Infectious Disease Ecology and the Dynamics of Emerging Disease BIOL5123

  • Academic Session: 2023-24
  • School: School of Biodiversity One Health Vet Med
  • Credits: 10
  • Level: Level 5 (SCQF level 11)
  • Typically Offered: Semester 2
  • Available to Visiting Students: Yes

Short Description

Introduction to fundamental theory of micro and macroparasites models, and applications to disease control in livestock and wildlife


Concentrated course offered over one week, with 1 hour lecture and 2 hours computer laboratory per day.

Requirements of Entry

Students must have undertaken course BIOL5133 Programming in R

Excluded Courses





Students will write submit annotated code and reports generated in R from small assignments during the module, reflecting participation and competencies learned in practical computer laboratories (50%).  The remaining 50% will be independent assignment completed after the module that will require integration of the evidence-based knowledge and skills learned, involving direct application of programming skills obtained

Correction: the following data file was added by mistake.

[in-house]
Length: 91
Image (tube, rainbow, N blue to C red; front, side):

Course Aims

The aim of this course is to equip students with the mathematical and programming skills and theoretical background to be able to create simple epidemiological models, to interpret their outputs and to be able to critically evaluate published papers on infectious disease dynamics.

Intended Learning Outcomes of Course

By the end of this course students will be able to critically discuss with respect to literature and theoretical background:

■ The value of currently used standard epidemiological models

■ The distinction between: frequency and density-dependent transmission; micro and macroparasite models

■ The concept of herd immunity

■ The principles behind standard vaccination strategies

■ The distinction between and appropriate use of stochastic and deterministic formulations

■ The definition and conceptual framework for the basic reproduction number

■ The concept of critical community size

■ The context for use of metapopulation models

■ Impacts of host heterogeneity on infection dynamics

■ The use of standard model types in the epidemiological literature


In addition, they will be able to:

■ Program standard epidemiological models in R and interpret outputs

■ Calculate the basic reproduction number for simple epidemiological models

■ Identify and interpret equilibria in standard epidemiological models

■ Generate a mathematical description of an infection dynamics model for a problem of their own choice

Minimum Requirement for Award of Credits

Students must submit at least 75% by weight of the components (including examinations) of the course's summative assessment.